Linked by Thom Holwerda on Fri 12th Mar 2010 23:18 UTC
In the News And thus, our true colours reveal. Since Obama was the young newcomer, technically savvy, many of us were hoping that he might support patent and/or copyright reform. In case our story earlier on this subject didn't already tip you off, this certainly will: Obama has sided squarely with the RIAA/MPAA lobby, and backs ACTA. No copyright and/or patent reform for you, American citizens!
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Australian position on ACTA
by lemur2 on Mon 15th Mar 2010 10:42 UTC
lemur2
Member since:
2007-02-17

http://www.itnews.com.au/News/169254,australia-comes-clean-on-acta-...

Hmmmmmph.

Well, it doesn't read as all that terrible.

the Australian Government has acknowledged that "the aim of the internet provisions in the ACTA is to encourage ISPs to deter copyright piracy over the internet."

But that will not require legislative changes in Australia, the DFAT spokesman said.

...

Under Australia's current laws, there is no requirement for ISPs to monitor the activities of internet users or to supply customer details without a court order."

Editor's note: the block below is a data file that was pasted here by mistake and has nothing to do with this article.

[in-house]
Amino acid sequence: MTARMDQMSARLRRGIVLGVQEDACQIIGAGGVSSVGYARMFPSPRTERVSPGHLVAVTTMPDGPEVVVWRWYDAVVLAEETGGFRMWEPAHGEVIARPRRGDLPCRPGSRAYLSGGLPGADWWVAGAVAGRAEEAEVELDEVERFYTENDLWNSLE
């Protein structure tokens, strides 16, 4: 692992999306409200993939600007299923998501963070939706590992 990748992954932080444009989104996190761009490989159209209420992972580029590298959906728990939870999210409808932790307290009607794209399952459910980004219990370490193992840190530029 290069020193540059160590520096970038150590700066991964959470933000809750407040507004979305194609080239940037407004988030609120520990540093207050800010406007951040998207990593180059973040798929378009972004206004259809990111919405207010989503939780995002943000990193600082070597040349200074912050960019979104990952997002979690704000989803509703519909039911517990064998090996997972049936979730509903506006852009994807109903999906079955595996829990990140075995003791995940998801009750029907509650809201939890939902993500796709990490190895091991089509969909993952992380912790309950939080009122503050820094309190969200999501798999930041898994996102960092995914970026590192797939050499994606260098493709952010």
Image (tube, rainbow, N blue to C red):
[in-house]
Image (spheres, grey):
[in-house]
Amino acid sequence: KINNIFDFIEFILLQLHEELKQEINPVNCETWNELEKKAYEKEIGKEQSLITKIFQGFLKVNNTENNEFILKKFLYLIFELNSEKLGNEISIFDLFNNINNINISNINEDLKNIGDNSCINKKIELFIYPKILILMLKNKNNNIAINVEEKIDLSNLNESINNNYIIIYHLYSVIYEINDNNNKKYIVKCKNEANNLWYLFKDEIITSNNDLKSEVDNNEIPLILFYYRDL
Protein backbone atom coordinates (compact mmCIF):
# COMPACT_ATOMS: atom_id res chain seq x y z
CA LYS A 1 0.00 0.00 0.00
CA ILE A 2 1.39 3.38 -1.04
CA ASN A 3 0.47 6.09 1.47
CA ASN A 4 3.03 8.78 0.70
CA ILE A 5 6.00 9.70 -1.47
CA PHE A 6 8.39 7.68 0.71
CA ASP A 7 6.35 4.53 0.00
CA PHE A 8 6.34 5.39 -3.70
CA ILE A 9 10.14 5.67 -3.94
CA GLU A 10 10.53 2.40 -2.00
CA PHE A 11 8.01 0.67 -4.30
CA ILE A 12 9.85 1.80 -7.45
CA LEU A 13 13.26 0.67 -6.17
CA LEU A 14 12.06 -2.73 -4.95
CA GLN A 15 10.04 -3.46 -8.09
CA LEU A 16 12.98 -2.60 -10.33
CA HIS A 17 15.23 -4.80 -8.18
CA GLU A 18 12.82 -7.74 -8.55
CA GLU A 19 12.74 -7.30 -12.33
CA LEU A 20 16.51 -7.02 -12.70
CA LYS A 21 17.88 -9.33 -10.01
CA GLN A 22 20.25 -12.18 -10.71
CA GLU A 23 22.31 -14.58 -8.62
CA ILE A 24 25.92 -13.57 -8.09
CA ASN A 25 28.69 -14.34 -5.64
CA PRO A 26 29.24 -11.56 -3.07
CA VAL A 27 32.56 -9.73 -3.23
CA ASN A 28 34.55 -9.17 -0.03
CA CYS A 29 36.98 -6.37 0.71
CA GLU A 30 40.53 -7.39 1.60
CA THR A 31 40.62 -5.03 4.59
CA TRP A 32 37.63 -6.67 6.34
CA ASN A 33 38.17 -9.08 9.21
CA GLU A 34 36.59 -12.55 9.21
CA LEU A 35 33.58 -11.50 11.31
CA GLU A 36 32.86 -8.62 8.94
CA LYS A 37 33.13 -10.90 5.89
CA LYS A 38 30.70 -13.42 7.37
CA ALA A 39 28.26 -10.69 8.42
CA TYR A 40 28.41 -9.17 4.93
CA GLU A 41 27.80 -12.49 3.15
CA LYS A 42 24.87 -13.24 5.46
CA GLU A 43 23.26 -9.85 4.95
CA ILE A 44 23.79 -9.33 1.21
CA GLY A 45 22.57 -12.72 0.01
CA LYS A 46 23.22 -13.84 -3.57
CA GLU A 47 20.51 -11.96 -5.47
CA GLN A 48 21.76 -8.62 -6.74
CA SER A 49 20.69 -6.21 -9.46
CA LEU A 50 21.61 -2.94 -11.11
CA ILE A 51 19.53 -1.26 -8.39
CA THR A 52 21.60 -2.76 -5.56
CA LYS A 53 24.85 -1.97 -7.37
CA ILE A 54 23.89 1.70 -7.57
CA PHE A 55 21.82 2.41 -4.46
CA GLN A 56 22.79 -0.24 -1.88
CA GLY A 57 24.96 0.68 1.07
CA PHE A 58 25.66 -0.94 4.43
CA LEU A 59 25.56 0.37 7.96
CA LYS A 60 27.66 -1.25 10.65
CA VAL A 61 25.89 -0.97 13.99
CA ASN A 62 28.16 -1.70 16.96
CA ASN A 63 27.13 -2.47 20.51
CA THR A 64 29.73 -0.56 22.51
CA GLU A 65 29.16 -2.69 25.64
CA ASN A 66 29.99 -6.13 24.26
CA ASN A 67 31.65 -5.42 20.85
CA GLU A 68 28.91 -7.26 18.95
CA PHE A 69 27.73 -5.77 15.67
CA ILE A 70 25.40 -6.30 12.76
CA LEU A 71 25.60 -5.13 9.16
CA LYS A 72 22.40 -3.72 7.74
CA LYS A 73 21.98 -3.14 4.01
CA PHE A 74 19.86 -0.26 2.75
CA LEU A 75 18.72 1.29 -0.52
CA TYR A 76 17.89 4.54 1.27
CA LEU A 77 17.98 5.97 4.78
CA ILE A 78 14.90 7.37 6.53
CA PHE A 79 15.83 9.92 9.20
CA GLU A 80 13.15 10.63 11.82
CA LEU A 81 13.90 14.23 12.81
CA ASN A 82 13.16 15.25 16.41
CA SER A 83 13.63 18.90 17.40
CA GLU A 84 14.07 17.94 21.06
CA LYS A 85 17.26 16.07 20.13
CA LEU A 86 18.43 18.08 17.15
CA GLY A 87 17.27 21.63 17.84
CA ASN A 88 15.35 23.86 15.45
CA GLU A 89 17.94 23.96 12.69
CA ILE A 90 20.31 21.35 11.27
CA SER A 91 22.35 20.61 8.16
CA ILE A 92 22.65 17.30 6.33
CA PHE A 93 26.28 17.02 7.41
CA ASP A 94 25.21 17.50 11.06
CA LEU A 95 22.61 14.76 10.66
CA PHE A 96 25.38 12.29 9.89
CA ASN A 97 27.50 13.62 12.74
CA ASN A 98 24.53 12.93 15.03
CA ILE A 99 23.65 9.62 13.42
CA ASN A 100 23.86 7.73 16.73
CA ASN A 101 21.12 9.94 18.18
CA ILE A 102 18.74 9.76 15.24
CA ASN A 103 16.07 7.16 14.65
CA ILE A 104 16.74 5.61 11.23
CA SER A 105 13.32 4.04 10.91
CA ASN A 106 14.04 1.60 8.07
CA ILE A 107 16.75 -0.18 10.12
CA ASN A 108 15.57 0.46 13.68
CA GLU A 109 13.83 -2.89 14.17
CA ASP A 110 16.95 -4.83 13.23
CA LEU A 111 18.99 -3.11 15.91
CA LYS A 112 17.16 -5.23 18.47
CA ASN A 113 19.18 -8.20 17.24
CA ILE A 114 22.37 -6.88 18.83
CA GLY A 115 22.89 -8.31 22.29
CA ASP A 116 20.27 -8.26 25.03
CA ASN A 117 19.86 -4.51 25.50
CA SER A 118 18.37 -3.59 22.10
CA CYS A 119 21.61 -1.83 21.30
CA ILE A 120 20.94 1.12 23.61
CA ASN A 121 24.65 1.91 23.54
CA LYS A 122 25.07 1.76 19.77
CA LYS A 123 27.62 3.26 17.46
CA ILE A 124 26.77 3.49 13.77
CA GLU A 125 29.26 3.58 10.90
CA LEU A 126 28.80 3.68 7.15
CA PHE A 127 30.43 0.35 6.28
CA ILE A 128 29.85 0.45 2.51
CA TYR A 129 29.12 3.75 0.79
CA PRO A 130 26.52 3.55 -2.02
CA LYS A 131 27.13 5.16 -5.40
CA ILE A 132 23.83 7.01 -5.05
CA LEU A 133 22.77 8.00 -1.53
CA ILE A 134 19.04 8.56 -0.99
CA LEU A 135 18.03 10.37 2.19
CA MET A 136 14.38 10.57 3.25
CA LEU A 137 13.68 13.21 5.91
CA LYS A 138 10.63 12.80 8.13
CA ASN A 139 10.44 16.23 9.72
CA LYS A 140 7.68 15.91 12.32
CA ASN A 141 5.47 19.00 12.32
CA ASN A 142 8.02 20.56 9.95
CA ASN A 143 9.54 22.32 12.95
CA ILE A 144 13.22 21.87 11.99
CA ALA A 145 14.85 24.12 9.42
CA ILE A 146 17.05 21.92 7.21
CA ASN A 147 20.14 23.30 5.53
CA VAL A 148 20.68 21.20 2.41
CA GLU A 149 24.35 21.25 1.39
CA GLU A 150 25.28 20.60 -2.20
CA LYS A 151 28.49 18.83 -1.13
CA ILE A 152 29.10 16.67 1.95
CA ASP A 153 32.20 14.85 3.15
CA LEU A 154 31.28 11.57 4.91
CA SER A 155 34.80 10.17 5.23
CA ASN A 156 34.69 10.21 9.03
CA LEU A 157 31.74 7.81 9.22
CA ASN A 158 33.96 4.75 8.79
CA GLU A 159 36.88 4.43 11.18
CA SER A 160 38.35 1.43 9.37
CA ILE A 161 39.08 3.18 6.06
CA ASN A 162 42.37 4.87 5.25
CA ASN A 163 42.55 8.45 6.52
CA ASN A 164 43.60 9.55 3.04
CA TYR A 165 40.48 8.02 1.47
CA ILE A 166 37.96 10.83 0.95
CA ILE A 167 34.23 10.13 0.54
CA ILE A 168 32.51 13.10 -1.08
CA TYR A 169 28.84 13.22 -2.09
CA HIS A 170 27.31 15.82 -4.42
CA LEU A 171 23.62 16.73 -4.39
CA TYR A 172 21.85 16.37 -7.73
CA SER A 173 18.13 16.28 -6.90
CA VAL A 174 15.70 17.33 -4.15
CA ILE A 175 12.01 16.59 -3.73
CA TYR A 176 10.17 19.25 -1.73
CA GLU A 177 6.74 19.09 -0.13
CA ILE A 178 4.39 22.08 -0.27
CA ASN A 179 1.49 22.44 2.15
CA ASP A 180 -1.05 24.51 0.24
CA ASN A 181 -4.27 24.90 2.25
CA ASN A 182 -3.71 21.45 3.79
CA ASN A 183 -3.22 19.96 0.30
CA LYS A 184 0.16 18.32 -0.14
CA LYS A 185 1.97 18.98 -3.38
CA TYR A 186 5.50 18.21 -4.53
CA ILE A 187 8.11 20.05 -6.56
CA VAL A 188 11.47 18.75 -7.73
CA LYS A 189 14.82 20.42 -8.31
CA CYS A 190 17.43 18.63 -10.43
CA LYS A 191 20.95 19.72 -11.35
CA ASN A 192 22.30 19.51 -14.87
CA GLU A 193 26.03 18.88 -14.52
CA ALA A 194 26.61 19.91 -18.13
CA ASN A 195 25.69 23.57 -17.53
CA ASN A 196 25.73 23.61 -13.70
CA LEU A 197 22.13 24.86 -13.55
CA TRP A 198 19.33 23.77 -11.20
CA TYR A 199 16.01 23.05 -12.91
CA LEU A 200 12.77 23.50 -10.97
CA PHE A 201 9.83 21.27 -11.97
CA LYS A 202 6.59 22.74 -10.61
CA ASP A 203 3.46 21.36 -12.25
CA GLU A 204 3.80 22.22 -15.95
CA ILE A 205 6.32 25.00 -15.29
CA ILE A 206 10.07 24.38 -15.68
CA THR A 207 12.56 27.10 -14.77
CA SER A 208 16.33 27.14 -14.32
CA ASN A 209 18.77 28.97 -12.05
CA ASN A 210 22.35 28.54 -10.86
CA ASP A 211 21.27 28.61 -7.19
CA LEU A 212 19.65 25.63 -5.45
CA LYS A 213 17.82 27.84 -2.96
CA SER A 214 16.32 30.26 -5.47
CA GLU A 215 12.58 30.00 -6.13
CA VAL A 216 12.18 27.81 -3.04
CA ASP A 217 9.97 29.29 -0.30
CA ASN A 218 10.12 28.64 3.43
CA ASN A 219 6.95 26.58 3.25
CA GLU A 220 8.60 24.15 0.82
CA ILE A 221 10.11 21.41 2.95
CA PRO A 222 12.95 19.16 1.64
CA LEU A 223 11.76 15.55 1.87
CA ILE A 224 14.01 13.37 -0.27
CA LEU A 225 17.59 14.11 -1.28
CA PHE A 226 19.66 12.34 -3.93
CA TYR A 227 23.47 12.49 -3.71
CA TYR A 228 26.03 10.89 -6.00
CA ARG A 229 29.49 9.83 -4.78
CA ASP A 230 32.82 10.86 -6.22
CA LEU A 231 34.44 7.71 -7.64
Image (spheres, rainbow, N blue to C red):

...

the (Australian) Government is not compelled to sign the (ACTA) treaty should the 27 parties to it reach an agreement.


I note however that apart from that one mention of "internet users" as "customers" above, this pronouncement doesn't otherwise take into account the view of the public at all. Like all other pronouncements on ACTA, it reads as if the public, the ordinary people, are hardly involved at all.

I think authorities the world over will have a big shock when it eventually becomes apparent to them that ordinary people, otherwise know as citizens or as voters or as constituents are in fact involved.

Edited 2010-03-15 10:47 UTC

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